Saturday, February 20, 2016

A Poem by Arturo Desimone

Despite My Best Efforts at Arriving Late to Every Meeting, There it Persists, A Fetal Clock Nascent in Me

My hands like leaves,
my 2 gentle hands:  husband and wife

I want to pull husband from wife
child from mother
master past his managers
politician past stage managers
they have misunderstood unity
and reunion is not in the air-conditioning
It is at the frontier of death
and the lovers are many

the winter kills the beggar saints
who could pay radius
the winter kills micro-organisms, but the demons
will awaken, with or without the pagan carnival
that allows the stupid country-folk to remain animate
and survive the demons, mocking them in the anonymity
of the act of wooden masked mating.

The solitudes can be lovers
and never partners, and never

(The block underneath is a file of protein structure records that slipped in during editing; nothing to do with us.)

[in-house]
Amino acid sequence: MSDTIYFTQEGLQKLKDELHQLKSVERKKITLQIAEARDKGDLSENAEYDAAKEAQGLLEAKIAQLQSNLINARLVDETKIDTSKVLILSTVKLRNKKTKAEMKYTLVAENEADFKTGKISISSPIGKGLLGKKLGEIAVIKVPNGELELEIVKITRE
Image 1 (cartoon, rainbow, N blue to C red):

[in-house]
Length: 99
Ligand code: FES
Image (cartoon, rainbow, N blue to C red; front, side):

house-bound, for that is
the heart's death
preferred to its wings set
on inexterminable fire:
my only race was concealment.

Arturo Desimone's poems and short fiction pieces have previously appeared in Counterpunch, New Orleans Review and The Missing Slate.  A recent artistic collaboration with the Netherlands-based Iranian film-maker, Atousa Bandeh, brought his poetry into the video art film The Apology Triptych.  Arturo was born and raised on the island Aruba, in the Dutch Caribbean, and is currently based between Buenos Aires and the Netherlands.

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